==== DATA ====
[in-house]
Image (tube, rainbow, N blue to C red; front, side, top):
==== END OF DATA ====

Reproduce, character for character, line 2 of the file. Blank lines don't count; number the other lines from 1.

Image (tube, rainbow, N blue to C red; front, side, top):